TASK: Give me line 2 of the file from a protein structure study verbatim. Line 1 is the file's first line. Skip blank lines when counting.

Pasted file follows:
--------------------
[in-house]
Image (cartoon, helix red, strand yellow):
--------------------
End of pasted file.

Image (cartoon, helix red, strand yellow):